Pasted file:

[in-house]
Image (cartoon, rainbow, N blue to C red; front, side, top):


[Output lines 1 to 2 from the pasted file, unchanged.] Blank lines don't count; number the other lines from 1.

[in-house]
Image (cartoon, rainbow, N blue to C red; front, side, top):